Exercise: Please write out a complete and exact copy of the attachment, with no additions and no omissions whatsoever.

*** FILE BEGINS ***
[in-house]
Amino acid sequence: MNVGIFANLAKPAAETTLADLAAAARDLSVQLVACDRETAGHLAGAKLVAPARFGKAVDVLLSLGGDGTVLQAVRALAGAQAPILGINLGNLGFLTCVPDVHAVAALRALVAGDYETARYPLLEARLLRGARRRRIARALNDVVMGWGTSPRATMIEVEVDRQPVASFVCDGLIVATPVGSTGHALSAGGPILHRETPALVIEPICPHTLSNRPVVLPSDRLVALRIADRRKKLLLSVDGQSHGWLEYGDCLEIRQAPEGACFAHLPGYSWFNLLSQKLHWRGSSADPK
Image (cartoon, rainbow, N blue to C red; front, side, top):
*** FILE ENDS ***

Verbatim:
[in-house]
Amino acid sequence: MNVGIFANLAKPAAETTLADLAAAARDLSVQLVACDRETAGHLAGAKLVAPARFGKAVDVLLSLGGDGTVLQAVRALAGAQAPILGINLGNLGFLTCVPDVHAVAALRALVAGDYETARYPLLEARLLRGARRRRIARALNDVVMGWGTSPRATMIEVEVDRQPVASFVCDGLIVATPVGSTGHALSAGGPILHRETPALVIEPICPHTLSNRPVVLPSDRLVALRIADRRKKLLLSVDGQSHGWLEYGDCLEIRQAPEGACFAHLPGYSWFNLLSQKLHWRGSSADPK
Image (cartoon, rainbow, N blue to C red; front, side, top):